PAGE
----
NJ Film Festival launches month-long cinema celebration


The New Jersey Film Festival, a prestigious celebration of creative independent films, had its opening night last weekend at Voorhees Hall on the College Avenue campus. The festival is considered a hub for film appreciators and creators alike to be engrossed in a unique film experience.

The festival began on Friday, Sept. 13, with the feature film “Long Day’s Journey into Night.” Usually, the night begins at 7 p.m. with a screening of a few short films followed by a feature film. On Saturday, two short films and one feature film were screened. 

The first short film, “PIT STOP,” was a stop-motion animation. The second, “All-in Madonna,” was a harrowing film about a girl and her suspicious father. The feature film “Impossible Monsters” stars Tony Award winner Santino Fontana and tells the tale of a psychology professor and his study on sleep paralysis.

Professor Albert Nigrin is the director/curator of the Rutgers Film Co-op/New Jersey Media Arts Center, whose inviting smile and undeniable passion for all things film were integral aspects to the experience of the festival. Currently teaching cinema studies at Rutgers, he spoke highly of the interns helping run the event.

The festival started in 1982 in a small classroom, consisting of old historical films screened from rented movie projectors, Nigrin said. Evolving with a changing media landscape, by the early 90s it started to show first-run art house movies. Since the middle of the new millennium, the festival has comprised of first-run films by independent filmmakers.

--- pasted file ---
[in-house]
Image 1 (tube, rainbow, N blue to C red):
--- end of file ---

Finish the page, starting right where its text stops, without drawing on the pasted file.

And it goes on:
Not just any film is chosen for the festival. There’s a competitive film selection process. It’s made up of a two-tier system, with the first tier consisting of a jury of interns and the second of individuals in media, other academics and previous winners. The selection begins after a call for entries rakes in approximately 600 independent films from around the world. 

The interns cut down the films to 150, and from there the second jury selects the 28 they consider worthy to be featured. The juries primarily look for original films, no matter what emotion it may elicit or what category it falls into, Nigrin said.

“The films don’t always make sense, and I think that’s one of the things we try to champion,” Nigrin said. “We don’t want to show ‘Avengers: Endgame’ type of movies … We’re here to show original work, challenging films and films that we think push the envelope of the medium.”

Two directors of Saturday’s movies appeared to the screening of their films, but were hard to scope out. Donned in jeans and carrying humble expressions, it was hard to tell that these individuals were being praised for the films they created.

Mikail Ekiz, a recent graduate of the Savannah College of Art and Design, directed the short film “PIT STOP” as his thesis film. Portraying an individual with a magic 8-ball for a head, this hybrid film in stop-motion also employed 3D elements, setting it apart from other animations and serving as a visual treat for viewers. 

“Stop-motion as a medium is something that is alive and thriving,” Ekiz said. “I think that people, with the progression of technology tend to forget that though this is an older medium there’s still some life in it.”

Nathan Catucci wrote and directed Saturday’s feature film “Impossible Monsters.” The film dealt heavily with the concept of sleep paralysis, and explored the blurry lines between what goes on in the waking and sleeping world. 

“The film is dealing a lot with dreams and reality, what’s real and what’s not real,” Catucci said. “In a lot of ways I want the audience to leave with a lot more questions than answers.” 

Showcasing a variety of films, ranging from any genre to perhaps a category that is yet to be invented, the New Jersey Film Festival is a great place for anyone who wants to witness challenging films that break the mold and further enrich the art of filmmaking. 

The festival runs until Oct. 13 in Voorhees Hall on Fridays, Saturdays and Sundays.


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